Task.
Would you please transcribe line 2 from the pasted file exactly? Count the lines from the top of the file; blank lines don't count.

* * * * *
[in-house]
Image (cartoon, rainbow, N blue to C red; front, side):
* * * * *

Image (cartoon, rainbow, N blue to C red; front, side):